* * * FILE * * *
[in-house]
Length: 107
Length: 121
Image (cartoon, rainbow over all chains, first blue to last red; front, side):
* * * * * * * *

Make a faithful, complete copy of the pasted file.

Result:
[in-house]
Length: 107
Length: 121
Image (cartoon, rainbow over all chains, first blue to last red; front, side):